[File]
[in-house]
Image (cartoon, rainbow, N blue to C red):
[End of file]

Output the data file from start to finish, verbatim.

[in-house]
Image (cartoon, rainbow, N blue to C red):